“You’re doing a great job, sweetie,” her father said as he pushed the grocery cart at a Walmart near my house. “I really appreciate you helping me.”
Every few steps, he stopped pushing quit as much, so the little girl could feel the pressure again — and then start moving again as she pushed harder.
The girl’s serious expression suggested to me that she had a job to do and that she was proud of herself for doing it.
When she grows up, it’s unlikely this little girl will remember this particular Sunday, but she will probably have vague, warm memories of helping her dad at the store when she was young.
It might not seem like a big deal to either one of them, but I think what I saw is one of the most important parts of raising a child.
We celebrate moments that are stereotypically important to children. We remember the child being excited to see a parent coming home from work or returning after a trip. What we sometimes forget is that those moments are automatic. Every child wants a mother and a father, so every emotionally healthy child is eager to embrace a parent on such a return.
At an early age, any person can fill that role. It’s not something that has to be earned. A child naturally reacts to whoever is there. Any random person can fill the role just be being there. It doesn’t necessarily mean there’s a tight bond between a child and parent. It just means the child strongly needs someone in that role.
In other words, anybody can win the affection of a young child who needs a parent to feel secure. The important moments are the far-more-mundane ones — when there’s not a rush of emotion and excitement coming from an adoring child.
The parents who are there for a child every day — and who make the child a priority — are the ones whose actions are going to make a difference in the long run. It’s good when there’s a person playing “the dad role” in a child’s life, but it’s great when that dad makes the child a part of everyday, mundane life.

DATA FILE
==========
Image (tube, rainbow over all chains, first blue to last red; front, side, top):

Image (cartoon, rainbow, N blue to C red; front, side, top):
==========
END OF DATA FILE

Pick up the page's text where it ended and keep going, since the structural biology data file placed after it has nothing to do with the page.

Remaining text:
Like letting a child help push the grocery cart. (Even though it slows the process down a bit.)
I know too many parents — fathers tend to be most guilty, in my experience — who treat a child as an annoyance at times such as this. Such a person might be happy to have the child’s exuberance when he comes home from work, but he’s annoyed — or entirely unwilling — when the child needs routine interaction in situations such as what I saw today.
Anybody can be there to get a hug from an adoring child, but a really good father is ready and willing to take a child to work — if he can get away with it — and teach the child all sorts of mundane things he’s doing along the way. He takes a sick child to a doctor’s office if he’s the one best able to do it that day. He is present to the child — and to his wife — in ways that let both of them know they are his priority.
This little girl will almost certainly not remember this day as she helped push this cart, but for those few moments, she and her father made me happy.
They reminded me that some of the best and most important moments in a child’s life are the simple ones in which a father simply makes room in his life for the child to feel as though she has an important part to play in her family’s life.
Real love allows a child to have a part in all parts of life, not just those moments when a child wants to adore you for showing up.